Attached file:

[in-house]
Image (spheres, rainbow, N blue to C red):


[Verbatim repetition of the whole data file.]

[in-house]
Image (spheres, rainbow, N blue to C red):